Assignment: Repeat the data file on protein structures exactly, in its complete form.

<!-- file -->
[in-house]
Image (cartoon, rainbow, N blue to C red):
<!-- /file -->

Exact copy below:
[in-house]
Image (cartoon, rainbow, N blue to C red):